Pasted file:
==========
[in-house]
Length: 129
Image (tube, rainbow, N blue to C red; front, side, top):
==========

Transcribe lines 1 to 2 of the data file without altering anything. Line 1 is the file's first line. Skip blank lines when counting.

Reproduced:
[in-house]
Length: 129